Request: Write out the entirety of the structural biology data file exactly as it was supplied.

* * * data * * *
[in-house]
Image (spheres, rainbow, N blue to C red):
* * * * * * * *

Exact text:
[in-house]
Image (spheres, rainbow, N blue to C red):